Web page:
Contain the audit

Many doctors recommended that their colleagues do everything possible to limit the scope of an audit to minimize the potential damage. Most stated that while doctors should cooperate, they should only provide the specific information requested.

Doctors also unanimously recommend letting the representative do the talking, thereby avoiding volunteering information that could prove harmful to the case.

Know your rights

Doctors recommend that their colleagues know and exercise all of their rights. For example, you do not have to show up for an office audit on the date the IRS assigns if it is inconvenient, or if further time is required to gather records. In either case, time extensions are readily available

The IRS agent must explain your rights to you in the event of an audit. Another reader added, "Don't get rushed, confused, or intimidated! If there is a personality clash between doctor and/or his representative, and the auditor, contact the supervisor and request the auditor be replaced."

Doctors also have the right to stop representing themselves and retain professional assistance at any time. They have the right to tape record all proceedings if they wish, and to keep copies of all documentation requested by the IRS agent to provide an audit trail.

Many doctors have been asked to voluntarily furnish tax returns from other tax years not directly under examination. Since this information is already within the possession of the IRS, there's no requirement that the doctor turn it over.

Doctors are often asked to complete Form 4822, Statement of Annual Estimated Personal Family Living Expenses, as part of the IRS examination. Usually, the IRS requests this form when it is trying to build a criminal tax fraud case against a doctor for unreported income. Since the IRS has the burden of proof in such situations, the doctor does not have to complete this form.

Finally, doctors and their advisors may be able to negotiate a reduction in interest in the vent the IRS audit drags out unnecessarily. Filing Form 843 allows doctors to reduce their tax bill for interest "caused by IRS error or delay."

Reconstruct records where necessary

In many cases, audited doctors receive requests for records that they do not have. Many will simply throw in the towel at this point and pay unnecessary taxes.

Several doctors recommend using the Cohan Rule to reasonably approximate legitimate deductions for such things as petty cash, tips, delivery charges, small tool and supply costs, cleaning and maintenance charges, etc. Reconstructing records is generally allowed, especially if such records were destroyed by fire, lost to theft, or are unavailable for a valid reason.

For example, one doctor received a gift of real estate but lacked records on the original cost. The doctor, using courthouse property records, determined the original purchase date. He then calculated the original cost by working back from the property's current value. He used a real estate appreciation index to "guesstimate" the cost and determine the gain after selling the property.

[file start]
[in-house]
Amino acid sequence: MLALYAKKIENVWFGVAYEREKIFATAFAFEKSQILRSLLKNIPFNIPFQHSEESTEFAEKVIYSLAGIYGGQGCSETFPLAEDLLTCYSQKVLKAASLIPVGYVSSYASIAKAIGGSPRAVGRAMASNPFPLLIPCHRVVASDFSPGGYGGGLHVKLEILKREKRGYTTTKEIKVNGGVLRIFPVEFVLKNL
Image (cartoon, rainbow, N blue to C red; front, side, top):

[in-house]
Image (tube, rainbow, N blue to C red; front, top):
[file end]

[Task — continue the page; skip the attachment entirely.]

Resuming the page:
Stock tracking services can provide the cost basis for shares purchased or received as a gift from years back. Mutual fund service representatives can in some instances provide information on the original cost basis for purchases with additions for reinvested gains and dividend distributions.

Building contractors may be able to provide information regarding the cost of improvements to a home or business property where detailed records are no longer available. Property tax offices also typically record the dates and reasons for increases in real property values.

Negotiate everything

Many doctors urge their colleagues to negotiate everything when dealing with an IRS audit. The amount of information requested, the dates and times for audit meetings, as well as the scope of the examination, are all negotiable. Avoid capitulating to the demands of the IRS agents involved.

Surveyed doctors also recommend not accepting or negotiating adjustments while the IRS audit proceeds. Too many concessions result in a surprising large tax bill. It's best to simply wait until the end of the audit and negotiate total dollar amount. Since most IRS auditors want to close the case as quickly as possible, offering a total dollar amount at the end provides an incentive to "take the money and run."

Finally, if you disagree with the amount offered as an adjustment, demand that the auditor reviews the data supporting your claims and justify all the conclusions. Doctors and/or their representatives can ask for a meetingwith the auditor's supervisor. Since this will involve an additional delay, it may facilitate a speedy compromise.

This article was reprinted with permission from The Blair/McGill Advisory, a monthly newsletter dedicated to tax, financial planning, investement, and practice-management articles exclusively for the dental profession. For more information on The Blair/McGill Advisory, call (704) 424-9780.